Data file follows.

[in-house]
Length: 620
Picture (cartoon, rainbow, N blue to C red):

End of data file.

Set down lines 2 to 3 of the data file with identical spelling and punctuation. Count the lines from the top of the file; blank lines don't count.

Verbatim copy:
Length: 620
Picture (cartoon, rainbow, N blue to C red):